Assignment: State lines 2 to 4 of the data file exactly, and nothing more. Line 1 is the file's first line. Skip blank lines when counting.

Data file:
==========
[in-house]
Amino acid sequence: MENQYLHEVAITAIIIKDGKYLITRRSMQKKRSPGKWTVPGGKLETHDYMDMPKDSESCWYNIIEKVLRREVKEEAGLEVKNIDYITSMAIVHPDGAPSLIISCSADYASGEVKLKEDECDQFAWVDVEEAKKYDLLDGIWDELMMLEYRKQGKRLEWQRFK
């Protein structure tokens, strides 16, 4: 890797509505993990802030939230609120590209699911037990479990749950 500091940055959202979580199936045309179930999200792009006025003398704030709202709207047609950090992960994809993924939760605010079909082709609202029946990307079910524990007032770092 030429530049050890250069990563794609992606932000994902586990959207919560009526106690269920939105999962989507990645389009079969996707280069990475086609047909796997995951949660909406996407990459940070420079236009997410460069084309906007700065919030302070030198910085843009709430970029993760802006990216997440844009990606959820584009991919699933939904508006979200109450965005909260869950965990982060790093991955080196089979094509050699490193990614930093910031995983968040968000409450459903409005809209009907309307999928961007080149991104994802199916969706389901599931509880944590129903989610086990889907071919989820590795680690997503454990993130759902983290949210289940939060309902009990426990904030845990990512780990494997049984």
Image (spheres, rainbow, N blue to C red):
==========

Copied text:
Amino acid sequence: MENQYLHEVAITAIIIKDGKYLITRRSMQKKRSPGKWTVPGGKLETHDYMDMPKDSESCWYNIIEKVLRREVKEEAGLEVKNIDYITSMAIVHPDGAPSLIISCSADYASGEVKLKEDECDQFAWVDVEEAKKYDLLDGIWDELMMLEYRKQGKRLEWQRFK
């Protein structure tokens, strides 16, 4: 890797509505993990802030939230609120590209699911037990479990749950 500091940055959202979580199936045309179930999200792009006025003398704030709202709207047609950090992960994809993924939760605010079909082709609202029946990307079910524990007032770092 030429530049050890250069990563794609992606932000994902586990959207919560009526106690269920939105999962989507990645389009079969996707280069990475086609047909796997995951949660909406996407990459940070420079236009997410460069084309906007700065919030302070030198910085843009709430970029993760802006990216997440844009990606959820584009991919699933939904508006979200109450965005909260869950965990982060790093991955080196089979094509050699490193990614930093910031995983968040968000409450459903409005809209009907309307999928961007080149991104994802199916969706389901599931509880944590129903989610086990889907071919989820590795680690997503454990993130759902983290949210289940939060309902009990426990904030845990990512780990494997049984």
Image (spheres, rainbow, N blue to C red):